Social psychologists know that, on the one hand, people are motivated to maintain consistency across their beliefs. Because people want their web of beliefs to be coherent, they tend to give a lot of weight to beliefs that are consistent with their overall worldview and to discount those that are contradictory. As a result, people will continue to hold on to a set of beliefs even in the face of mounting evidence that they should revise what they think.
Psychologists describe this unconscious strategy as a way for people to minimize any cognitive dissonance they experience – when things don’t add up, it can be disturbing, so to avoid those uncomfortable feelings, they ignore what doesn’t fit well with their existing beliefs as a way to maintain balance.
In the context of COVID-19, for example, someone who is predisposed to dislike the vaccine will give little weight to new evidence of vaccine effectiveness, because that evidence contradicts their current worldview.
Eventually, though, enough counterevidence can lead to what psychologists call a shift in coherence, in which people can come to believe that their initial viewpoint was wrong.
When environments change a lot, exploration is important. Good decision-makers will often forego the best-known option in order to determine whether other options are now actually better.
In these situations, helping people to change behavior requires reducing their need to feel bound to act in a way that is consistent with the attitudes they have expressed
More generally, people are creatures of habit. You likely feel most comfortable doing what has worked for you in the past. The more you learn to pay attention to how much change there is in the environment, the more you can work to push yourself to explore new options and change your beliefs and behavior based on new evidence.
This is one of the predominant myths of conventional minds. They believe that changing your mind is a “sign of weakness”, as it signifies you’re all over the place and “aren’t really standing behind your beliefs.” While this can be true for someone who changes their mind repeatedly, back and forth, to suit their needs in the moment, for someone who explores and sees a change in their environment and thus permanently changes their own beliefs and values to match it, this pivot is more commonly known as psychological growth, whereby one expands one’s worldview in the process.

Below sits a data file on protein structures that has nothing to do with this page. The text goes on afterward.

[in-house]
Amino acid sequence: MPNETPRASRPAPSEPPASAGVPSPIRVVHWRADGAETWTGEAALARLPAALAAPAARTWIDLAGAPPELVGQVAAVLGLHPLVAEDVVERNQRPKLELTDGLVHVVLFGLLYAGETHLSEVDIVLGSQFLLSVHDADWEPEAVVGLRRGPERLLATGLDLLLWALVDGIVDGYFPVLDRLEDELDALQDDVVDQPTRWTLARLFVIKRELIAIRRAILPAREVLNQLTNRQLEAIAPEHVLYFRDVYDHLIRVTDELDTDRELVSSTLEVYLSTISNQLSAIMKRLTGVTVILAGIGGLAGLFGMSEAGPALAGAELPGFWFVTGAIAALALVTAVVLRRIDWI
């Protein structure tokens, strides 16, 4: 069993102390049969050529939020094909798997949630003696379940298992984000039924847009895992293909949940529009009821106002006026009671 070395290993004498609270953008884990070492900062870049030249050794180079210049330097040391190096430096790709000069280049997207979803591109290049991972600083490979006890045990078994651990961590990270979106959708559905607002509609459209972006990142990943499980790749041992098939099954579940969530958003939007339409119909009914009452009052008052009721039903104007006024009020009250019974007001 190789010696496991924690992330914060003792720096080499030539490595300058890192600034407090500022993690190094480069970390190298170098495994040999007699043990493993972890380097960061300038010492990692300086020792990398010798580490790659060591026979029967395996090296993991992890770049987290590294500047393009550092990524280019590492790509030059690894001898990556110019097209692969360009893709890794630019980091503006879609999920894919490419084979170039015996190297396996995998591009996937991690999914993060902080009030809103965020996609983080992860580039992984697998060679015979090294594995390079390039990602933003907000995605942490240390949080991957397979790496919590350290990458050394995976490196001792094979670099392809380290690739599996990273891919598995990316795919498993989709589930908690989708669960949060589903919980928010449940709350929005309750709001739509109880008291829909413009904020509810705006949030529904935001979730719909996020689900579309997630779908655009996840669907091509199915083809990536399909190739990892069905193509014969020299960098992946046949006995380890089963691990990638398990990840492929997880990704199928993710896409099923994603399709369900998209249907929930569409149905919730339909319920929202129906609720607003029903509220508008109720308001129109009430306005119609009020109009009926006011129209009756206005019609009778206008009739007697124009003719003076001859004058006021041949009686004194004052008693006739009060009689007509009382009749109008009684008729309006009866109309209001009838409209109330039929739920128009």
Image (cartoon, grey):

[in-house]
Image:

In fact, as I’ve noted to others before, psychological growth and development actually requires these paradoxical shifts to occur at certain stages in one’s life, as the expansion of one’s worldview frees the individual from their past beliefs which are no longer empowering them but are actually limiting them.
Of course this can be confusing and disorienting to the individual who navigates their life with their beliefs. But once they recognize their outdated beliefs are no longer working for the current reality they are living within (like an outdated GPS), they in time will see that updating their beliefs as an empowering act, rather than a sacrilegious one. In effect, after going through one of these psychological paradoxical shifts, everything will make perfect sense upon reflection within their newer worldview.